Poppodium Boerderij, Zoetermeer, The Netherlands
Friday, 7th April, 2023
[This review first appeared in Dutch on the Progwereld website. You can read the original HERE, with huge thanks to the original contributors, and to Alex Driessen for the translation.]
Easter 2023 marks the date that famous rock stage Boerderij in Zoetermeer, the Netherlands, hosts the tenth edition of renowned indoor prog rock festival ProgDreams. After a two-year forced break in 2020 and 2021 due to the pandemic, and a shortened two-day variant in 2022, the close of the second lustrum can finally be celebrated as the Boerderij management return to the proven three-day event format, starting on Friday evening and ending somewhere around midnight on Sunday. Whether the timing to coincide with Easter affects the number of visitors remains to be seen, but about 200 enthusiasts can be counted on opening night. The offer is varied, as always. On Saturday, among others, we can witness the debut on Dutch stages of the surprising Polish band Millenium and Solstice from English Solstice, resurrected from its ashes. On Sunday it will be the turn of the cinematographic music of RanestRane, from Italy, and legendary Australian drummer Virgil Donati with his band IceFish. I elect for the opening Friday night, only two bands but certainly not the least: the traditional Dutch (from The Hague) Supersister Projekt and the French prog rock formation Lazuli. They have my undivided attention.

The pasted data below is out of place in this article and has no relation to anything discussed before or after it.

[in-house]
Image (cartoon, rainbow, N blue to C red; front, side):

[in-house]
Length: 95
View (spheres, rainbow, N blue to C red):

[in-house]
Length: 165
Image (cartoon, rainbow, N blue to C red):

After the stage manager’s announcement around 8 o’clock, it remains quiet and dark on stage for a while; could Alzheimer’s have already struck? Many similar jokes can be heard when the veteran musicians enter the stage after a few minutes of silence. Frontman Robert Jan Stips is the first to explain the late turnout with the necessary self-criticism and humour: the nursing home had let them go too late. The gritty guys immediately start the first song, Judy Goes on Holiday being introduced as a holiday song. According to Stips, there are four versions of the next song, Memories Are New; after all, memories are regularly updated. The opening tones of She Was Naked will sound familiar to even those unfamiliar with the band’s repertoire.
This applies to a lesser extent to A Girl Named You and the extremely topical Energy (Out of Future) in current circumstances. The latter is a heavy symphonic piece, a bit UK-like – goose-bumps, an absolute highlight. And to think that the majority of the songs are now over fifty years old. That definitely applies to the medley of older songs that follows. Stips recalls its origins as a series of forgotten recordings from the time when the newly formed band was still working on material in soggy basements. One of those tapes (remember Revox?) turned up some time ago, and the music found on it was deemed great. Surprisingly, it’s proving to be a favourite part of Supersister Projekt gigs these days, for band and audience alike. The jazzy I Am You Are Me/Transmitter is the penultimate song, after which the only minor hit these guys ever scored, Radio, brings the trio’s short performance to an end. After an enjoyable hour, that seemed to have gone in the blink of an eye, it’s all over.